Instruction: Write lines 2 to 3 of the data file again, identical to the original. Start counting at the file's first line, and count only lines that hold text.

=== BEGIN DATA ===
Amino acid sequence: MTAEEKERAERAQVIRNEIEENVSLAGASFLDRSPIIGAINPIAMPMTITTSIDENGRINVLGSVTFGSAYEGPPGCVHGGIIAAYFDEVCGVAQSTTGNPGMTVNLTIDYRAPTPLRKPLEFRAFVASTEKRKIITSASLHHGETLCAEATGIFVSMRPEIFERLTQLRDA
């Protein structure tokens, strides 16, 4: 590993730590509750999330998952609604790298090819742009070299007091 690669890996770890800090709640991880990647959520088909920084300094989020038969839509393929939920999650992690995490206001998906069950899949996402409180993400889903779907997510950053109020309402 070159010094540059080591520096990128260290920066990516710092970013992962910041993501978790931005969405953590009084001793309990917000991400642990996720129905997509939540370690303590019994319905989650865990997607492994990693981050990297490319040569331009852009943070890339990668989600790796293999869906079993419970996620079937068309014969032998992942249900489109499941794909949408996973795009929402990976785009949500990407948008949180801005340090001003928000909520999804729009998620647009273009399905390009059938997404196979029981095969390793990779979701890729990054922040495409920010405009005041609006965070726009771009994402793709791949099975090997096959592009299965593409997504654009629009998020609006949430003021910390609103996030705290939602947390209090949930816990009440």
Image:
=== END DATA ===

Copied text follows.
């Protein structure tokens, strides 16, 4: 590993730590509750999330998952609604790298090819742009070299007091 690669890996770890800090709640991880990647959520088909920084300094989020038969839509393929939920999650992690995490206001998906069950899949996402409180993400889903779907997510950053109020309402 070159010094540059080591520096990128260290920066990516710092970013992962910041993501978790931005969405953590009084001793309990917000991400642990996720129905997509939540370690303590019994319905989650865990997607492994990693981050990297490319040569331009852009943070890339990668989600790796293999869906079993419970996620079937068309014969032998992942249900489109499941794909949408996973795009929402990976785009949500990407948008949180801005340090001003928000909520999804729009998620647009273009399905390009059938997404196979029981095969390793990779979701890729990054922040495409920010405009005041609006965070726009771009994402793709791949099975090997096959592009299965593409997504654009629009998020609006949430003021910390609103996030705290939602947390209090949930816990009440």
Image: